I think it’s unlikely for a work of church revitalization to go on without overcoming significant human opposition. But God commands us to be humble toward our opponents, entrusting ourselves to him. This is among the greatest displays of grace. And it’ll be instrumental in transforming your church.

As personal conduct goes, I believe there are at least 10 reasons we should be humble toward our opponents.


Expositional Devotions: Mark 16:1-4

aaron-burden-113284Do you want to know what I hated most about school? I hated the end of PE and recess. You know what it’s like. You are running and playing and laughing. Maybe you just started a new game with your friends. But whatever the case, you hear that loud whistle! Or, that loud shout, “Line Up!” You have to stop what you are doing and go back to class. Nothing would upset me more than leaving a game unfinished. When recess or PE was over, it dampened my day.

Well, on a much, much greater level, all of Jesus’ disciples were deeply saddened when Jesus died. They didn’t know all we know about Jesus’ death and what it meant for them. They thought Jesus was going to save the world and rule as a King, but they never thought he would take his kingdom by dying.

When Jesus died on the cross it was like a loud whistle blowing to stop all of the disciples’ hopes and dreams. Their leader, friend, savior, and God was dead. They saw him arrested. They saw him mocked. They saw him beaten. They saw him crucified. They saw his body taken off a cross. They saw him placed in a tomb. As far as they knew, it was all over.

Can you imagine what must have been going through their minds? Jesus had made claims to being God and the Messiah who would save his people from their sins. They must have at least thought, “Maybe he was not who he said he was.” Now, they trembled alone and afraid. They were scared because they knew what was probably coming. Their leader had been arrested. The religious leaders hated him. Their next move would have been to silence Jesus’ followers. I’m sure the disciples could not understand why the one they had fully trusted and followed for three years was lying dead in a tomb.

But that is exactly the point of our passage today. Jesus was dead and buried. Dead. Buried. Three women tried to honor the body of Jesus by bringing spices to anoint him. They waited because they were not able to buy the spices and oils necessary to anoint the body on the Sabbath. When they arrived at the tomb, they were wondering how they would be able to move the stone to gain access to Jesus’ body. What is the main point? Jesus is clearly dead.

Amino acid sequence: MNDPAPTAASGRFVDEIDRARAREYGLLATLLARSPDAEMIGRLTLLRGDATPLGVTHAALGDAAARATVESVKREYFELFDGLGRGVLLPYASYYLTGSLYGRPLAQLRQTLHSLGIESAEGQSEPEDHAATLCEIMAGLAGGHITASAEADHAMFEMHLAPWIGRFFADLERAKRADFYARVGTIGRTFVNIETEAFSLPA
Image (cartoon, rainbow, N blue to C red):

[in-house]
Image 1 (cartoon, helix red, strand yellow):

The difference between the first disciples and us is massive—about 2,000 years! We have the privilege to know just what the death of Jesus means. While the first disciples were afraid when they learned of Jesus’ death, we can be confident and courageous! Satan’s day ended the day Jesus died.

As Jesus’ lay dead and motionless in the tomb on Saturday, he was in the process of unleashing all the power that sin and death hold over us. As you read about the death and burial of Jesus, do so with total joy, knowing what those first disciples did not know—that the one who lies dead in the tomb has given new life to all who come to him in repentance and faith.

Main Idea

As Jesus’ lay dead and motionless in the tomb on Saturday, he was in the process of unleashing all the power that sin and death hold over us.

Discussion Starter

Why is it important that we have this evidence that Jesus was actually dead?

Prayer Points

Thank the Lord that Jesus was truly dead, so that we can truly live.

Eternal Roots

pexels-photo-2A truly blessed man is a man who has been redeemed by the blood of Jesus. In fact, the ultimate example of the blessed man of Psalm 1 is Jesus himself. This psalm is a great description of Jesus, the one in whom his Father was well pleased (Matt. 3:17). By God’s grace and the sinner’s God-initiated faith in Jesus, a man is saved. Through union to the Blessed God-man is a man truly blessed.

Psalm 1 is very figurative and eloquent in its description of a truly happy person in God. This glorious Psalm is a continuous contrasting distinction between the righteous and the wicked. One way leads to life, and the other leads to death. The difference is where the righteous and wicked have been rooted. The righteous are rooted in God, while the wicked are rooted in the world or themselves.

Rooted in God

He is like a tree planted by streams of water that yields its fruit in its season, and its leaf does not wither. In all that he does, he prospers (Ps. 1:3).

The Psalmist compares a blessed and righteous person to a tree. All trees have roots. The stronger and healthier the roots, the stronger and healthier the tree will be. The same goes for fruit on a vine. The fruits of a vine are utterly dependent on the strength and health of the vine. The reason a man is blessed is because he has been rooted in the Word of God by meditating on it and delighting in it (Ps. 1:2). He has therefore rooted himself in God, sinking into the rich soils of his delightful Word.